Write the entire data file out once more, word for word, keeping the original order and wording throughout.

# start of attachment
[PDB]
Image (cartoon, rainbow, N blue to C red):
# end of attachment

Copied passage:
[PDB]
Image (cartoon, rainbow, N blue to C red):